“Drilling activity within our city limits would only make it more difficult and expensive to develop those lands in the future, and it would create no real economic benefit for our city.”
Mayor Spearman also explains how Lethbridge’s industrial businesses are located together in industrial parks in the city’s north east sector. This isolation of industrial activity is a result of careful, long-term planning in order to minimize impact on residential living. If local land-use bylaws were applied to oil and gas drilling, this activity would be deemed unsuitable for Goldenkey’s proposed sites.
However, the regulation of oil and gas activity throughout Alberta, including within municipal boundaries, falls to the Alberta Energy Regulator thereby removing the authority to approve this development from the City of Lethbridge. However, the Minister of Energy has the authority to cancel any mineral lease when it is not in the public’s interest.
Goldenkey states that the proposed setbacks for this project are 100 metres. This means that these types of well sites can be placed just over 100 metres from permanent dwellings and public facilities in order to access the extent of their mineral lease.
At present, gas wells in the area have had a lesser visual surface impact. Gas comes to the surface due to existing pressure and is redirected to a series of buried pipelines. The proposed Goldenkey Penny Project will be drilling for oil. Access roads, fencing, berms to contain spills, multiple storage tanks, separation vessels, sweetening systems, pump jacks, and large power generators are required for this type of activity.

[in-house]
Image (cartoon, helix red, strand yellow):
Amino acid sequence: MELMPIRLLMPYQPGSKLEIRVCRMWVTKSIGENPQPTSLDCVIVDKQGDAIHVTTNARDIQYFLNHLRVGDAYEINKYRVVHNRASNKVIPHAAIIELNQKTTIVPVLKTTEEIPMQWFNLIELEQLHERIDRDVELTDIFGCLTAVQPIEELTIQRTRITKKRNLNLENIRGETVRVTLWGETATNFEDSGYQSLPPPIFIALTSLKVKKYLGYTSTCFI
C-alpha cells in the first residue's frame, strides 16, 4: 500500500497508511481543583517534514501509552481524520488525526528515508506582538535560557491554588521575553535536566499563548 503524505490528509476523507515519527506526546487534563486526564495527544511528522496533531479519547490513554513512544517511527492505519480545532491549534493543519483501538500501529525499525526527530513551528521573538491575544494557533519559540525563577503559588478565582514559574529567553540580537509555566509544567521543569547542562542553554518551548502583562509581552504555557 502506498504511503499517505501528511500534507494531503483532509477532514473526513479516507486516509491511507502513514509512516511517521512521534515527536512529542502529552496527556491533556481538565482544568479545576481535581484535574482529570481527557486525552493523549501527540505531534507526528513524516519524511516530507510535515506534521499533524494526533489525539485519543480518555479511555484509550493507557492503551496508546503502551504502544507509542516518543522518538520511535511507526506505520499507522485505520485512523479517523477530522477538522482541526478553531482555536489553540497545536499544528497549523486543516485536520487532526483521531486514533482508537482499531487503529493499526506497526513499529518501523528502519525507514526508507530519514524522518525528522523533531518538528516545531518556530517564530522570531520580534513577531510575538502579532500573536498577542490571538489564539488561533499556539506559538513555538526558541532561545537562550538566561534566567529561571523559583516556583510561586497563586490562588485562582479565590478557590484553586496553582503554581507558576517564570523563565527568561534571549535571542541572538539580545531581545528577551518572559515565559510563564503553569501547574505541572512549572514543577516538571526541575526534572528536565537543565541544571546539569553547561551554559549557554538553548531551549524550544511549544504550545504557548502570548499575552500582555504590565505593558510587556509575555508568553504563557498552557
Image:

The following photo was an image Goldenkey released with their October 3, 2013 presentation. This is supposed to represent what a well site will look like. However, it is missing fencing, containment berms, onsite storage tanks, a separator, and the sweetening system.
The Alberta Energy Regulator allows for the onsite disposal of some oilfield wastes. This includes the burial of cement returns and the land spreading of approved water based mud systems. There is the potential for future residential development to be built on this oilfield waste.
Goldenkey states that they will remove and reclaim the infrastructure if and when other development is formally and practically proposed, approved and ready for construction on the lands they occupy. Will this proposal stand if the Penny Project is sold to another company?